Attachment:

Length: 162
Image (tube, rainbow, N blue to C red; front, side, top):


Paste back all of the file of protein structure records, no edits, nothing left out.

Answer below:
Length: 162
Image (tube, rainbow, N blue to C red; front, side, top):